Vietnam recently issued Decree No. 111/2021/ND-CP (Decree 111), which amends rules on the labeling of goods and takes effect on February 15, 2022.
Decree 111 aims to tackle tax evasion and fraud, and mandates individuals and organizations that produce, export, or import goods to record and determine the origin of their goods.
Their labels must ensure accuracy, truthfulness, and compliance with legal provisions on the origin of goods imported to, exported from, and manufactured in Vietnam, or any country participating in international agreements with Vietnam.
Decree 111 amends Decree No. 43/2017/ND-CP (Decree 43) on product labeling regulations.
Decree 111 mandates that goods imported into Vietnam must have their original label either in a foreign language or in Vietnamese with the following information:
Previously under Decree 43, if the original label of an imported good did not conform with the provisions under the decree, then the importer had to make a supplementary label before sending such goods into the market.
Decree 43 made it obligatory to display the origin of goods on labels without other alternatives. This caused difficulty for businesses that could not determine the origin of their goods. Decree 111 modifies this by adding a clause whereby if the origin of goods could not be determined, the business can state the place where the final production stage was conducted.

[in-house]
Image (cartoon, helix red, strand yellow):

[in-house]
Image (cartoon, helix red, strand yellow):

The following statements or phrases should be presented together with the country or territory where the final production stage took place:
The decree also forbids abbreviating the country where the goods were completed or manufactured.
The scope of regulations for the labeling of goods was restricted to goods imported and circulated in Vietnam, according to Decree 43. Decree 111 has expanded this scope to include exported goods.
Goods labeled for export must comply with the regulations of the importing country. The origin of goods labels must comply with Vietnamese regulations or with the international agreements that Vietnam is a signatory to.
This article was first published by VietnamBriefing which is produced by Dezan Shira & Associates. The firm assists foreign investors throughout Asia from offices across the world, including in in China, Hong Kong, Vietnam, Singapore, India, and Russia. Readers may write to [email protected].
About the author
ASEAN Briefing features business news, regulatory updates and extensive data on ASEAN free trade, double tax agreements and foreign direct investment laws in the region. Covering all ASEAN members (Brunei, Cambodia, Indonesia, Laos, Malaysia, Myanmar, Philippines, Singapore, Thailand and Vietnam)